I enjoy a good joke based on stereotypes and I don't get upset about it. I wish more groups would "get over it" as well... and as odd as it may seem, when I hear those jokes, it doesn't make me believe the stereotypes.


{rant mode == off}
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Postby RACastanet » Mon Aug 08, 2005 3:48 pm

Bill: In case you missed it this was in the Sunday Sports section...

"Other mascots annoy
Hey, NCAA, while you're at it, get rid of the leprechaun"

For the story: ... 5855934844

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Postby chewy » Mon Aug 08, 2005 5:44 pm

Personally, I think they've taken this PC thing a little too far.

But what do I know? I'm just a dumb Polack... :roll:


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Postby Bill Glasheen » Mon Aug 08, 2005 8:24 pm

I can guess what you are thinking. You're thinking an Irish-American is not an oppressed minority.

Well, you couldn't be more wrong. Irish immigrants were given a very bad time in America when they first came here. They were treated as suspicious foreigners. Their ancestry and accents were mocked. They were maligned as "Micks" and stigmatized as brawling drunks.

Therefore, I would like you righteous brothers and sisters at the NCAA to put an end to the degradation of this "Fighting Irish" slur once and for all.

A lot of us don't fight. I don't fight. Well, I did toss a guy out of a bar in Greece last summer, but he was drunker than I was.

That's what the world is missing today - a damned sense of humor.

Good thing we have the Irish! :mrgreen:

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Postby TheGreatWhiteBuffalo » Thu Aug 11, 2005 12:55 pm

Well, I would think it would be an honor to have a football team named after you. But I think its just so the NCAA can have a good defense if some idiot decides to sue. Because then they can say an investigation was conducted and we already corrected the problems we found offensive. Stupid none the less. But since Im a UF fan they can always change their name to the Florida State Criminoles!!
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Postby Guest » Thu Aug 11, 2005 1:01 pm

TheGreatWhiteBuffalo wrote: Florida State Criminoles!!

HAH HAH! Thats a good one!

Postby Bill Glasheen » Thu Aug 25, 2005 1:18 am

From USA Today

NCAA allowing Florida State to use its Seminole mascot
By Steve Wieberg, USA TODAY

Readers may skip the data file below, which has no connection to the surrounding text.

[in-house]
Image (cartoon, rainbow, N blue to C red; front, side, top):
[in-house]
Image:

TALLAHASSEE, Fla. — Florida State's fierce defense of its Seminoles nickname and mascot proved successful Tuesday.

Florida State is free to use its Seminoles
mascot at NCAA events.
By Phil Coale, AP

The NCAA granted a waiver in the first challenge to a new policy, removing FSU from a list of colleges whose sports teams, it said, use "hostile or abusive" Native American names and imagery.

"The staff review committee noted the unique relationship between the university and the Seminole Tribe of Florida as a significant factor," NCAA senior vice president Bernard Franklin said in a statement released Tuesday. "The decision of a namesake sovereign tribe, regarding when and how its name and imagery can be used, must be respected even when others may not agree."

The Executive Committee, which unveiled restrictions on such symbols this month, "continues to believe the stereotyping of Native Americans is wrong," senior vice president Bernard Franklin said in a statement. "However, in its review of the particular circumstances regarding Florida State, the staff review committee noted the unique relationship between the university and the Seminole Tribe of Florida as a significant factor."

The tribe officially sanctions FSU's use of Seminoles as a nickname and Chief Osceola as a mascot. Max Osceola, the chief and general council president of the Seminole Tribe of Florida, said Tuesday that it was an "honor" to be associated with FSU.

But dissent has been voiced within the Seminole Nation of Oklahoma, primarily by general council member David Narcomey, but the council has taken no official position on the FSU issue, according to Jennifer McBee, the tribe attorney general. Narcomey, saying he was voicing his opinion only, wrote in an e-mail to USA TODAY of the decision: "I am deeply appalled, incredulously disappointed ... I am nauseated that the NCAA is allowing this 'minstrel show' to carry on this form of racism in the 21st century."

FSU athletics director Dave Hart called the decision "the right thing to do." Hart, President T.K. Wetherell, school trustees and state lawmakers reacted angrily to FSU's inclusion on the list, subjecting it to restrictions at NCAA championships. This ruling affects only FSU; 17 others are subject to penalties.

"The two things we requested in our appeal were granted," Wetherell said. "I'm ready to play football, start school and have classes begin and all that kind of stuff."